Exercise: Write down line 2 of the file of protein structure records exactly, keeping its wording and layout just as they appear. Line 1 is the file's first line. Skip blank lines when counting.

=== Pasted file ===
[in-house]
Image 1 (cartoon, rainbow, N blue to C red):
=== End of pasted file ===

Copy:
Image 1 (cartoon, rainbow, N blue to C red):